Two Dozen Interesting Facts About English

As of 2018 there were approximately 1.53 billion people who speak English as a primary, auxiliary, or business language.   In other words, 1 in 7 people on Earth use English in some capacity.  Native English speakers, however, are not the world’s largest linguistic group.  In fact, it is only the third language of the world in terms of native speakers.  Standard Chinese and Spanish are first and second, respectively.  There are between 330 and 360 million people who speak English as their first language, but there are more people in the world  who have learned English as a second language than there are native English speakers.  The U.S. has the largest English speaking population and with 258 million native speakers in the U.S. and 19 million in Canada  most native speakers of English are North Americans.  In addition, there are 60 million native English speakers in the United Kingdom, 25.1 million in Australia, 4.8 million in Ireland, and 4.8 million in New Zealand.  Curiously, English is not the official language of The United Kingdom,  the United States, Australia or New Zealand. 

Because it is spoken in many different countries around the world, English does have a lot of words.  The Oxford English Corpus contains over 2.5 billion words, but most average adult English speakers know between 20,000–35,000 words.  Those who read fiction have a larger vocabulary than those who do not.

English words seem to have a lifespan of anywhere between 1,000 and 20,000 years, but the more commonly used words tend to last longer, and new words are being added constantly.   In fact, a new English word is created approximately every 98 minutes, which is about 14.7 words a day.   Around 4,000 new words are added to the English dictionary every year.  Shakespeare is credited with adding 1,700 words to the English language during his lifetime.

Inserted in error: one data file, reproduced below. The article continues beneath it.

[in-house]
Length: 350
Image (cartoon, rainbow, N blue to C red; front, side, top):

Foreign words are also added.  The Norman invasion of England added an estimated 75,000 French words, and there are a lot of Spanish words as well.  Rodeo, patio, plaza, ranch, aficionado, bonanza, piñata, taco, tortilla, guacamole, fiesta, siesta, matador, macho, bodega and tapas are some examples.  In addition, vamoos (from vamos) buckaroo (from vaquero) and hoosgow (from juzgado) also come from Spanish.  However the majority of English words come from Anglo-Saxon or Old English.  Almost all of the 100 most frequently used words in English come from this source.   English is also full of synonyms.  Often there is a Latin or French word and a Germanic and a Nordic word that mean more or less the same.  For example, intelligent is from Latin through French, wise is Germanic and knowledgeable is Nordic in its origins.  The word «good» has the most synonyms of any other word in the English language, at 380, but the word «synonym» is one of the few words in the English language that doesn’t have a synonym.

Random Facts: ‘E’ is the most commonly used letter in the English language. In fact, as many as one in eight of all the letters written in English is ‘e’.  More English words begin with the letter ‘S’ than any other letter of the alphabet.  The longest word in English ‘pneumonoultramicroscopicsilicovolcanoconiosis’ has 45 letters and the shortest word has  only one letter, I.  There is no word in the English language that rhymes with month, orange, silver or purple.  Due to a printing error, there was a word in the English dictionary from 1932 to 1940 which didn’t have a meaning.  The word was ‘Dord’ and it became known as ‘ghost word’.

And finally, pronunciation’ is the word which is most mispronounced in the English language!

 

Written by Mike Dean Alger for Aston School